Obstructive sleep apnoea (OSA) is a disorder characterised by brief interruptions of breathing during sleep and results from complete or partial collapse of the pharyngeal airway. This study investigated the prevalence and progression of glaucoma in 39 patients receiving treatment for OSA. Participants were over 30 years and had been diagnosed with moderate and severe OSA in the sleep clinic at Hamad General Hospital in Qatar. The severity of OSA was graded as mild, moderate, or severe based using the apnoea hypopnea index. All patients underwent ophthalmological examination including visual field testing, optical coherence tomography and pachymetry. Study patients were followed up in the ophthalmology and sleep clinics for a period of three years at six monthly intervals. Most patients were male with a mean age of 52 years; 27 patients had severe and 12 moderate OSA. Examinations found that eight (20%) of the 39 OSA patients had glaucoma. Six of these patients had normal-tension glaucoma and two had high-tension glaucoma. Among the 27 patients with severe OSA, seven had glaucoma, and among 12 patients with moderate OSA, one had glaucoma. There was a prevalence of glaucoma in the severe OSA group compared with the moderate OSA group without statistical significance (P=0.4). The results of this small scale study confirm previous findings that severe OSA is a risk factor for glaucoma.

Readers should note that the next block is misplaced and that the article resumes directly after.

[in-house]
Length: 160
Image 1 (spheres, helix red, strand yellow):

Prevalence of glaucoma in patients with moderate to severe obstructive sleep apnea: ocular and morbidity outcomes in a 3 year follow-up study.
Hashim SP, Al Mansouri FA, Farouk M, et al.
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Nana Theodorou

BMedSCi (Hons) PhD, Sheffield Teaching Hospitals NHS Foundation Trust, Clinical Research Office, 11 Broomfield Road, Sheffield, S10 2SE, UK.

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